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Details of Grant 

EPSRC Reference: EP/W001233/1
Title: Development of an Integrated Microfluidic Platform for the Identification of Therapeutic Peptides for Unmet Medical Needs
Principal Investigator: Spring, Professor D
Other Investigators:
Researcher Co-Investigators:
Project Partners:
Department: Chemistry
Organisation: University of Cambridge
Scheme: Standard Research
Starts: 01 October 2021 Ends: 30 September 2023 Value (£): 444,689
EPSRC Research Topic Classifications:
Biological & Medicinal Chem. Drug Formulation & Delivery
Microsystems
EPSRC Industrial Sector Classifications:
Healthcare
Related Grants:
Panel History:
Panel DatePanel NameOutcome
12 Aug 2021 Healthcare Technologies Investigator Led Panel Aug 2021 Announced
Summary on Grant Application Form
Pharmaceutical industries have recognised the importance of cell-permeable peptides to cure currently untreatable diseases. In fact, peptides can interact with targets that other type of molecules cannot, such as protein-protein interactions which play crucial roles in the generation and progression of many diseases. However, peptides also have major limitations that hamper their use as drugs. Among these is their inability to efficiently interact with intracellular targets leaving many unmet medical needs.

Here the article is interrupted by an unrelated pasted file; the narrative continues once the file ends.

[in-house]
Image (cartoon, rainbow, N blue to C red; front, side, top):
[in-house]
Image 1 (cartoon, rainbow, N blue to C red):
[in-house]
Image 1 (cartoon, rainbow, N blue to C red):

We propose to develop an integrated platform to generate and screen libraries of peptides to rapidly and cost-effectively identify new drugs for those untapped intracellular targets. In the first phase of the proposed research, we will focus our efforts on building such a platform, and in the second phase we will validate it using two different intracellular targets with relevance in cancer and cystic fibrosis.

A successful outcome to this project will result in a significant advance in the drug-discovery field as current peptide technologies can only access extracellular targets, ignoring those 75% located intracellularly. Therefore, our technology has the potential to provide patients with life-changing medicines for currently untreatable diseases or for diseases with limited therapeutic options available.

Key Findings
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Potential use in non-academic contexts
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Summary
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Organisation Website: http://www.cam.ac.uk